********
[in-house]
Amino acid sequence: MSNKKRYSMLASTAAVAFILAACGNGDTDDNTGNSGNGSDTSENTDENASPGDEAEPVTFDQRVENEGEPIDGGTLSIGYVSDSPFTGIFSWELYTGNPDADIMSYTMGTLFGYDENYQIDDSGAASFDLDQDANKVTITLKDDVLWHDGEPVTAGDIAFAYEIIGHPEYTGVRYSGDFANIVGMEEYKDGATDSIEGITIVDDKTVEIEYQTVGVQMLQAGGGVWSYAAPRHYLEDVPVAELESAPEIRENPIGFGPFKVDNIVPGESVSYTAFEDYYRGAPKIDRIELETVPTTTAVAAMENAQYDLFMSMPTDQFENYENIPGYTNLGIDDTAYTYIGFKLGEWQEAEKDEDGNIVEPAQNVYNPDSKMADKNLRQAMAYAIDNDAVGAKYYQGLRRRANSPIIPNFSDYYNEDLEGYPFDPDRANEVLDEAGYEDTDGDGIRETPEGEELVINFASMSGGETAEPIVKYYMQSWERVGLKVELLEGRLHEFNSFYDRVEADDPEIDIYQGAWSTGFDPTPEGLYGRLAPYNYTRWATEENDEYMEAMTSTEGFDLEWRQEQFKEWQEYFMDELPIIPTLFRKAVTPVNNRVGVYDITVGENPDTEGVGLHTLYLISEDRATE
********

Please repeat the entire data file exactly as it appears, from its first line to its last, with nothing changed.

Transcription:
[in-house]
Amino acid sequence: MSNKKRYSMLASTAAVAFILAACGNGDTDDNTGNSGNGSDTSENTDENASPGDEAEPVTFDQRVENEGEPIDGGTLSIGYVSDSPFTGIFSWELYTGNPDADIMSYTMGTLFGYDENYQIDDSGAASFDLDQDANKVTITLKDDVLWHDGEPVTAGDIAFAYEIIGHPEYTGVRYSGDFANIVGMEEYKDGATDSIEGITIVDDKTVEIEYQTVGVQMLQAGGGVWSYAAPRHYLEDVPVAELESAPEIRENPIGFGPFKVDNIVPGESVSYTAFEDYYRGAPKIDRIELETVPTTTAVAAMENAQYDLFMSMPTDQFENYENIPGYTNLGIDDTAYTYIGFKLGEWQEAEKDEDGNIVEPAQNVYNPDSKMADKNLRQAMAYAIDNDAVGAKYYQGLRRRANSPIIPNFSDYYNEDLEGYPFDPDRANEVLDEAGYEDTDGDGIRETPEGEELVINFASMSGGETAEPIVKYYMQSWERVGLKVELLEGRLHEFNSFYDRVEADDPEIDIYQGAWSTGFDPTPEGLYGRLAPYNYTRWATEENDEYMEAMTSTEGFDLEWRQEQFKEWQEYFMDELPIIPTLFRKAVTPVNNRVGVYDITVGENPDTEGVGLHTLYLISEDRATE